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    How important is a trademark?

    YouTube

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    Quote Originally Posted by Gordon B. Clarke View Post
    In Danish that room is called a "bryggers" and all Danes will know what I mean. The word "scullery" probably is closest although some are much nicer than others
    In the northern US that would be a mud room. Not sure they have those in the desert. Sculleries disappeared with kitchen sluts

  21. #58
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    Its pretty simple why appliances dont last as long today-
    Its because they are so much cheaper in inflation adjusted dollars.

    Here is a simple example-
    this link shows the prices of a 1962 American made, high quality, long lasting, washer and dryer.
    Sixties Electrical goods and appliances in the 1960's prices examples from The People History Site
    Washer, $185, Dryer, $130.
    Add em up, $315 in 1962 dollars.
    now, go to an inflation calculator website, and translate that 315 into todays dollars.
    $2617.

    So, as I understand it, you are expecting $2600 quality for $1000.
    When somebody comes to my shop and says that, I laugh.

    There are appliances today that are high quality, and last a long time.
    But they dont cost $500.

    Most american companies have followed a simple model- keep the price more or less the same, and lower the quality.

    Most european companies just raise the price-
    Hence, the $6000 Liebherr fridge from Germany, which is solidly built, free of annoying crap like internet connections, and works and lasts a long time.
    If you consider that, versus a $500 Frigidare, are you really surprised when the Frigidare is mostly made of crappy plastic parts, and has a five year lifespan?

    You dont get something for nothing. I run a shop- I know what my monthly overhead is for insurance, rent, utilities, labor, taxes, materials, etc.
    NO way you can make decent product for the prices Home Depot is selling appliances for, and have them last.

    There are plenty of good quality things in the world- they just arent priced at 1962 prices anymore.
    You want quality, you can get it, but you pays the price.

    There are still some american companies that make expensive, long lasting things, but they have mostly found that americans are underpaid, and cheap, so they market globally, and find less and less market here.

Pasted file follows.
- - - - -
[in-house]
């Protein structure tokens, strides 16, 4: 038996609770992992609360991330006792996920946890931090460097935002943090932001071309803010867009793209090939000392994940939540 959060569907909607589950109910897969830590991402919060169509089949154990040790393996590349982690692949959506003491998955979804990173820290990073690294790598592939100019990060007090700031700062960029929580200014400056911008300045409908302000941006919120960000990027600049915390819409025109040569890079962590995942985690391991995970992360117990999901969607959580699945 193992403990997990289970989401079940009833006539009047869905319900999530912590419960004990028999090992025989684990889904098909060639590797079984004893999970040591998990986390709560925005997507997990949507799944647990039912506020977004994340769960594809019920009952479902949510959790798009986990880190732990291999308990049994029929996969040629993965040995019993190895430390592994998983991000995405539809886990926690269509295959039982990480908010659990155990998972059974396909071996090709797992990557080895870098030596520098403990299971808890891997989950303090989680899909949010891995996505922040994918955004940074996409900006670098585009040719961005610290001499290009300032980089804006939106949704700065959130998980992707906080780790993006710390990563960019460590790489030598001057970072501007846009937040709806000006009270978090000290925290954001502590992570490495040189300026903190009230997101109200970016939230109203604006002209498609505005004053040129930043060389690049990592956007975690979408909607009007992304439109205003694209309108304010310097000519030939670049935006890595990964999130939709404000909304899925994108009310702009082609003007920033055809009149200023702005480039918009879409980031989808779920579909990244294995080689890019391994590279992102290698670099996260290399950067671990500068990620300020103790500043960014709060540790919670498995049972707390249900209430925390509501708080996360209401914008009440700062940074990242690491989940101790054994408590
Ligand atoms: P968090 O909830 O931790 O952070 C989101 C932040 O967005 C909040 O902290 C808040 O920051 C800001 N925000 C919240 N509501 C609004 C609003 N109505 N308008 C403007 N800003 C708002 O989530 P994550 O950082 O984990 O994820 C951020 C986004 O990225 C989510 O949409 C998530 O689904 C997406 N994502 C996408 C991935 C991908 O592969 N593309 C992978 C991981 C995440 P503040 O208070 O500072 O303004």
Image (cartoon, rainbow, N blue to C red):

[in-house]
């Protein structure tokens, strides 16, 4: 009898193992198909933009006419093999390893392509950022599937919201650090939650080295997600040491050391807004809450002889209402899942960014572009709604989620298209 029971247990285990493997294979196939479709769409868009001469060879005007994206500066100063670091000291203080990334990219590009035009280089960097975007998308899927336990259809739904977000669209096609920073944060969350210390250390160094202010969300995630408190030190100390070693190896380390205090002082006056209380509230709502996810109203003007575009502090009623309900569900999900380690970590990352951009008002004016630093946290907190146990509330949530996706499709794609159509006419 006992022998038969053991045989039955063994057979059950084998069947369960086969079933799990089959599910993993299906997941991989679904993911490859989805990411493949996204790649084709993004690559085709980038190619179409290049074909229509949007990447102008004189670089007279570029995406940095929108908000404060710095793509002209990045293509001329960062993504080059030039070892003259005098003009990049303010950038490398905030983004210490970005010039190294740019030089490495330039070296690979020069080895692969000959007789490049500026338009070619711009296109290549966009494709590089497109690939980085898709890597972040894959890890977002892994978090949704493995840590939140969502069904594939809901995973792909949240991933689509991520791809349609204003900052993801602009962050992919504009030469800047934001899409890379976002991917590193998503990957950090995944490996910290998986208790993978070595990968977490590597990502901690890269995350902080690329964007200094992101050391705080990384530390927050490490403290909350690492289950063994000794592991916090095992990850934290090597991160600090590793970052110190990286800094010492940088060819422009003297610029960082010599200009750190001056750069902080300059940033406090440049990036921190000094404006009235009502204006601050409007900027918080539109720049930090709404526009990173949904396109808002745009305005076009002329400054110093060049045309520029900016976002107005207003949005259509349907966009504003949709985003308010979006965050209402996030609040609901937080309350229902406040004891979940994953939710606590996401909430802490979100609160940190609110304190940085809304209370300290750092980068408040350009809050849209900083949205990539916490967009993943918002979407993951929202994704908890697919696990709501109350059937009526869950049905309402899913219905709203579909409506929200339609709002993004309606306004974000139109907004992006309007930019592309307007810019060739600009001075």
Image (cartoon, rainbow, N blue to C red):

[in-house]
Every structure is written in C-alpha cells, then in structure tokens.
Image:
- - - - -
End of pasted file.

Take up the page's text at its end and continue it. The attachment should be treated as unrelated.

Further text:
And the global companies that make quality dont spend that much time marketing here, because other countries will pay the price.

    This is the story of lathes, for instance- the Japanese, Swiss, Germans, Spanish, and Italians all make decent manual lathes.
    Most long ago gave up having US sales organisations, because we wont pay what it costs.
    A decent manual lathe these days costs $50k to $100k.
    European companies buy new Weilers and Schaublins lathes, or Felhman or Kunzmann milling machines.
    Japanese companies buy similar quality japan made lathes.

    People in the US want $10,000 chinese, or, if they are feeling really extravagant, might spend $30k on an easter european machine- but wont buy the top end stuff.
    So the companies don even bother trying to sell to us anymore.

    If you expect new jeans to cost ten bucks, you get what you pay for, and its from Bangladesh.

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    Quote Originally Posted by Ries View Post
    Most american companies have followed a simple model- keep the price more or less the same, and lower the quality.
    It's been over 30 years since I stopped smoking but, and I have no idea if some tobacco companies still do so, at one time there were only 19 cigarettes in a pack to keep the price down.

    Same with many other everyday items. There isn't as much in a packet etc. as there was.

    Re "How long do you have to work?" to buy something is there anything more expensive today that say 40 years ago?

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    Quote Originally Posted by Gordon B. Clarke View Post
    is there anything more expensive today that say 40 years ago?
    Houses and cars and candy bars.